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Ordinance could have unintended consequences

January 30, 2014
Gary Andersen, Lee Smith , Fairmont Sentinel

The city of Fairmont has drafted and is considering adopting a rental ordinance. Proponents hope it would offer protections to landords and tenants, and improve the appearance of rental properties. Landlords see an unnecessary burden that could decrease the availability of rental units, a result that collides with a recent local housing study that says Fairmont needs more rental units.

A large portion of the debate centers around the word "deficient." As in what constitutes a deficient rental property and what kind of role should the city play in remedying such deficiencies.

We are struck by the notion of outside interests trying to tell landlords that they need to do a better job, in some instances. It's easy to judge a given property without considering the cost, time and effort that would go into renovating it. And those upgrades could then price a low-income renter out of a place to live.

Some in the general public may have images in their heads of greedy slumlords taking advantage of their tenants. We suppose there could be some truth in there. But one also must consider the cost and work involved in being a landlord. There are many more truly awful tenants in the world than there are bad landlords. That is just a matter of mathematics.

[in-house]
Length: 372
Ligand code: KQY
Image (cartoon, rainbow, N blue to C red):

Already, there are numerous laws on the books involving landlord and tenant rights. And any attorney can tell you that disputes between the two are best settled in the appropriate forum - civil court.

We are wary of the proposed rental ordinance. The city and proponents may have good intentions. Those sometimes work out. If they don't, there could be a devastating effect on available rental units.

 
 

 

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